Purpose and problems of architecture

In large scale system integration, there are many hardware and packaged software parts, and it is necessary to divide the work of developing the custom software also into parts.   The purpose of architecture is to ensure that the parts of a system work together to meet the requirements.  The intended effect of having the architecture of a system drive the project of building the system is that the parts will fit together better and with less problems.   The practical advantage of this is that it allows earlier delivery, at lower cost, of a better system.

The architect preparing a design that will accomplish this purpose is faced with a number of problems.  There is an endless space of possible designs.  The architect must make design choices and then somehow evaluate those choices in light of the requirements.  This means deciding what effect the choices will have on the construction and use of the system.


The whole architecture

Dijkstra tells us the "sole purpose of the specification [in our case, the architecture] is to act as an interface between the system's users and the system's builders."  On one side of this interface the architect helps the owner and users to state "the properties of a thing, by virtue of which it would satisfy [their] needs;" on the other side the architect helps the developers to make "a thing guaranteed to have the stated properties." 

What gets measured, gets done.  

The way to get work done well is to set the goals for the work and to measure the result of the work against the goals.  To do this with the architecture work, we must state the requirements the architecture is intended to meet, do the work, and then measure whether the result meets the stated requirements.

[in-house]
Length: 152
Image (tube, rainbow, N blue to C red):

So, I define the architecture of a system to be a set of requirements for the system, a specification of the parts and connectors of the system and the rules for the interactions of the parts using the connectors, and a demonstration that the specification meets those requirements.

Note that I say "a set of requirements."  This is not the entire set of all the requirements of the owner and users, stated in full detail.  It is the set of requirements the architecture is designed to meet.  The architecture is an abstraction of the complete system specification (the blueprint), and this set of requirements is an abstraction of the complete requirements.

In the process of refining an architecture, a refined set of requirements will sometimes be needed for next iteration.  In some cases this will be a more detailed set of requirements.  But, there is also a feedback from the architecture to the requirements, as the architecture sheds light on the clarity, precision, and completeness of the requirements, and on alternate approaches to fulfilling the purpose of the system.   In such cases, the needed refined set of requirements will not be more detailed, but improved in other ways.


Building an architecture

Every project needs a process and tools for building the architecture of an information system.
Here 'architecture' refers to the chosen set of requirements, the high-level design decisions about the information system that remain valid in the long term (for years), and their evaluation.   I use it in contrast to short-term tactical decisions (such as details of information, implementation techniques, and choices of technology).

Examples of the distinction:  An architecture may provide a mechanism for variation in information details.  A design may be implemented using different techniques.  The information variation mechanism and the design are long term decisions.  The selection of the information details and the particular implementation may be tactical decisions.  As basic building blocks of information systems become commodities, technology, vendor, and product selection also become tactical decisions that may change from year to year. 


That's all for now.